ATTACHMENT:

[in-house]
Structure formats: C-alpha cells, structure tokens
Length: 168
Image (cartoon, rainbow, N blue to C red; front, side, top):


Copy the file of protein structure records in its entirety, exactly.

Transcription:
[in-house]
Structure formats: C-alpha cells, structure tokens
Length: 168
Image (cartoon, rainbow, N blue to C red; front, side, top):